Maybe I slept – maybe the sleep of the dead.

Maybe the wooden boat was my own drifting body…


In one instant, the motionless fog

whitened, parted under blue sky

then sank to a soft haze covering meadows

on either hand – grasses in flower, and I was

drifting upriver on an incoming tide.


Ahead, an island in the estuary:

its mountain out of the mist rising, rising

crowned by the halo of a promised sun.

Swift over the water, footsteps of glory

spread from shore to shore. That island, glasslike,

floated in green fire.


In a waterfall of his white hair and beard

transparent in the intensity of light,

a man walked down to the shore. In his hands

a white sheet, spread over the water; and he

dipped it in those waves which were liquid suns.


A youth rose out of the third wave.


The elder

dropped his cloth on the wet shoulders, pulled him

out of the water and embraced him. Then both

stared toward me.


I made for the opposite shore.

And there were others, emerging out of the sunrise,

a hundred on the shore, staring at me.



Oaks, old as the world, with shade as deep

were my house of solitude in that country. They gave

their quiet recollections, and their bitter acorns

fell in streams and grew sweet. Everywhere

were springs, visited by mystery

when a rare penetration of sunlight discovered

ancient offerings of gold in the clear

poetic depths.


If I went down to the shore

at any hour, its freshwater mixture

with salt tides boiled in fish. I could gaze

at that island of light with its mountain of strange promise;

pastures of grazing sun; apple orchards

blossoming like the dawning of the earth,

maturing full and red as western suns;

its time-eroded road to the summit, where birds

came down from the winds to sing. So one year passed.


The frequency of boats on the distance compelled me

to take mine out. I saw their destination:

that busy lake village, built on pilings, huts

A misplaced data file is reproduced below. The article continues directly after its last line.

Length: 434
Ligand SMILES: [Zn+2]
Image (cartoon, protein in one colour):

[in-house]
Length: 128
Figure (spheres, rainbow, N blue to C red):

of hardened clay on a frame of woven branches,

timber storehouses, smiths at roaring fires.

I climbed the boardwalk and went unnoticed, hearing

the interchange of many languages,

among them my own. I asked the name of the village.

Ynys Witrin.” And the island? “Avalon,”

turning his eyes to its brilliance.


In the estuary,

a river’s widening shallows in passion battled

invasive seas. At low extremes of the tide

a bridge to the island appeared – a ruined earthwork

dissolving in the years.


Every shore was marsh.

Impenetrable swamps gave way at last

to an arm of immense and storm-muscled ocean

some turns downstream.  The only solid ground

was in the extensive shadows of my grove,

the landing of a ridge extending to hills

with mines for copper, tin, and lead; and beyond,

south to the summer-land, it was said,

where gold was in the earth, and light in the air.

An old high-way came down the ridge to that village

and beyond – though the ancient road was submerged – to the island.

By this, I knew where I was: the western island,

Britain, for centuries known as a source for metals.


The king of that country had his timbered fortress

on the first hill above the ancient forest,

near to the sky, where clover was thick for cattle,

and blossoms floated cloudlike. Earth walls, high

and covered in yellow primroses,

surrounded by a prehistoric moat

where the sun gazed at itself.


At its gates, the crown of Avalon was seen.

And through them at every hour

passed men: miners on wagons

heavy with pure ingots of every metal;

smiths who transformed them by their ancient craft

to swords, spearheads, cauldrons, earrings, neck-rings;

merchants in strange dress from every land;

and men in finer robes, on horseback, with harps.

Content among these strangers, I watched and said nothing.



Book II

The Life-Giving Spear